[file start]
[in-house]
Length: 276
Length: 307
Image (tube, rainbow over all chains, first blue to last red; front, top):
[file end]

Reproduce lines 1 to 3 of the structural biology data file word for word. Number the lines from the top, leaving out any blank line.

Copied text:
[in-house]
Length: 276
Length: 307